Rental Assistance Demonstration
In 2014, the Philadelphia Housing Authority (PHA) received approval from the United States Department of Housing and Urban Development (HUD) to convert a portion of its public housing properties to project-based assistance under the Rental Assistance Demonstration (RAD) program. RAD offers PHA flexibility to preserve affordable housing, leverage new resources to address capital needs, and provide a more stable and reliable funding source in the face of continued federal cutbacks to the public housing program.
What is the Rental Assistance Demonstration (RAD) program?
RAD is a HUD demonstration program through which public housing units can be converted to long-term project based assistance. RAD does not provide any new HUD funds; rather, it combines public housing operating and capital subsidy into payments under a long-term RAD Section 8 Project-Based Housing Assistance Payment (HAP) contract. For more information on RAD, visit HUD’s Rental Assistance Demonstration website.
What are the benefits of converting public housing to the RAD program?
PHA estimates that upwards of $1 billion in new funding is needed to ensure the long-term preservation and viability of existing public housing developments. While no new HUD funds are being made available, converting public housing to the RAD Section 8 Project-Based subsidy program enables PHA to secure other, non-HUD financial resources to address the large backlog of deferred maintenance and other capital needs. RAD conversion allows PHA to leverage funds that are not available in the traditional public housing program, while ensuring the protection of tenants’ rights and preserving long-term affordability. With these funds, PHA plans to renovate and restore old housing stock, keeping them viable and affordable.
RAD also allows PHA to expand the supply of affordable housing through “transfer of assistance” from vacant scattered site public housing units. Through RAD conversion, PHA is able to transfer assistance from these vacant units to new affordable housing units developed by PHA and qualified development partners.
How will PHA ensure that public housing converted under RAD will continue to be available to low-income households?
As part of the conversion process, HUD requires that each housing development have a RAD use agreement, long-term ground lease, deed restrictions and other recorded restrictions to ensure that the housing continues to serve low-income families, seniors, and people with disabilities.
How will RAD impact PHA’s current public housing residents?
Ensuring the long-term preservation of affordable, quality housing for current and future residents is PHA’s primary goal under RAD. Residents of existing PHA developments that are converted under the RAD program will have an absolute right to return to their development following conversion, provided that they continue to remain in good standing with their current lease obligations. Most residents will see improvements made to their developments. PHA is committed to maintaining substantially the same operational rules, rent structure, and tenant rights that are in place now. Residents should feel very little day-to-day impact in how PHA manages its properties.
RAD residents will become participants in the Housing Choice Voucher (HCV) program, and subject to the policies described in PHA’s HCV Administrative Plan. A key benefit of RAD is “Choice Mobility”, which ensures that residents who wish to move will be given a preference for a tenant-based voucher after the initial year of occupancy.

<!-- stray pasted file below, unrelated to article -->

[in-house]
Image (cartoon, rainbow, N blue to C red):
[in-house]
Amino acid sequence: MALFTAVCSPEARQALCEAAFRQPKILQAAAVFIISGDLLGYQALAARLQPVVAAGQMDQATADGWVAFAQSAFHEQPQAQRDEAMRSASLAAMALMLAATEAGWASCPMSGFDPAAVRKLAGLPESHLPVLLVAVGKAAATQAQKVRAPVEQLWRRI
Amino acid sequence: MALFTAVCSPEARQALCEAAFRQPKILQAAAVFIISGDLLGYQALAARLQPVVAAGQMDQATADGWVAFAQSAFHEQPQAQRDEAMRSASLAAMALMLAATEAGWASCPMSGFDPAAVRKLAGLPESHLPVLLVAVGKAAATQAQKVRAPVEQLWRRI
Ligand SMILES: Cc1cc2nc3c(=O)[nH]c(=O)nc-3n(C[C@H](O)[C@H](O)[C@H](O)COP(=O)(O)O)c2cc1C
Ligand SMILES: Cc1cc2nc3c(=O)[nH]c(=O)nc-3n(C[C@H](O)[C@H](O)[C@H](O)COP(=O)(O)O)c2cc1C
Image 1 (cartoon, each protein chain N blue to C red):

Under RAD, residents have the right to form resident organizations.
Will current residents have to move because of RAD?
Current public housing residents have an absolute right to continue to live at the development following conversion to RAD, provided that they remain in good standing with all lease obligations. Some, but not all, households may be relocated temporarily by PHA to complete major construction work. In those cases, PHA will provide relocation benefits and support to minimize any disruption.
How will RAD residents be impacted by Low Income Housing Tax Credits?
Some RAD developments will receive funding through the Low Income Housing Tax Credit (LIHTC). When LIHTC is used to finance construction, the development becomes subject to LIHTC rules, which requires an annual income certification and has additional unit inspection requirements. Some households may experience rent increases as a result of RAD conversion. However, increases may be phased in over a period of years. Any household whose rent may increase will be made aware prior to conversion.
How will RAD impact new applicants and those currently on PHA’s waitlists?
If the development has a pre-existing site-based public housing waitlist, applicants on the list will be transferred to the new site-based list.
What is RAD Transfer of Assistance Projects (TOA)?
Transfer of Assistance involves the transfer of subsidy from long-term vacant and non-viable scattered sites units in order to subsidize new affordable housing.
Subsidies from 820 units were transferred to 17 developments.
Subsidies from 191 units pending closing will be transferred to 5 developments
Transfer of subsidies from up to 38 more units are in the planning stages.
RAD Transfer of Assistance – Developments Closed to Date
For information on how to apply to these developments, click on the Organization Name in the table here to go to the organization’s homepage.